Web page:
This time Bette went all out, and in fact her performance is so over-the-top in spots that you wish Vivien Leigh had stopped by the set to give her some pointers. Now, there’s an actress who knew how to do it right, chitlin. Vivien received an Oscar twice for playing southerners, and she wasn’t even an American.
A movie trailer for most people is a coming attraction. It advertises the virtues of a soon-to-be-released motion picture. The idea is to generate interest, so people will choose to see the new film when it hits theaters. Classic movie trailers are an art form.
But the kinds of trailers that have caught my interest lately are of the mobile home variety. Recently, I watched HITCH HIKE LADY, a charming Republic Pictures road comedy starring Alison Skipworth and Mae Clarke. It was produced in 1935, and for its time, the trailer that is used in the story has quite a few bells and whistles. It is so posh, in fact, that crook Arthur Treacher and his partner hide out inside and have a grand old time.
Trailers feature prominently in other classic comedies. In CROSS COUNTRY ROMANCE, Wendy Barrie runs off on her wedding day and ends up on a transcontinental journey with working class guy Gene Raymond. Of course, they fall in love, and the trailer hitched to the back of Raymond’s vehicle will serve as their honeymoon suite.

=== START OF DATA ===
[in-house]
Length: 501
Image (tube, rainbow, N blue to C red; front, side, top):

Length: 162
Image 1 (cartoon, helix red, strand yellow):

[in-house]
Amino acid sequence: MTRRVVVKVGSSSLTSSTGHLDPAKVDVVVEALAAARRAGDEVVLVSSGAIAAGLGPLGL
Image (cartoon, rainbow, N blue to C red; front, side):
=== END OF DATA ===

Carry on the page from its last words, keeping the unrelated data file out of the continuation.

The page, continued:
In UNEXPECTED UNCLE, Charles Coburn spends time pitching horseshoes in a trailer park. That is when the kind old retiree is not playing cupid in the love life of Anne Shirley. The story is a bit far-fetched in spots, but as always, Coburn’s performance is a ringer.
Then there’s THE LONG, LONG TRAILER– Vincente Minnelli’s ode to the open road, presented as a romantic comedy starring Lucille Ball and Desi Arnaz. This was the second of three feature films that Lucy and Desi made together and probably their best. Don’t miss the classic scene where Lucy is stuck in the trailer as Desi drives, and the going gets so rough, the salad she’s making is literally tossed all over the inside of their home on wheels.
Recently while looking up information about a war-time propaganda film called GUNG HO, starring Randolph Scott, I came across the name of a starlet unfamiliar to me. Her name was Grace McDonald, and she was quite beautiful. Since I was curious to learn more about her, I clicked on a link that took me to her wiki page.
There isn’t very much written about Grace McDonald on her wiki page. Just a few things. Apparently, she was the sister of musical actor Ray McDonald who also worked in motion pictures during the 1940s. Oh, and something I found rather fascinating– she gave up her career and any chance at real movie stardom when she married a serviceman and moved off to Minnesota.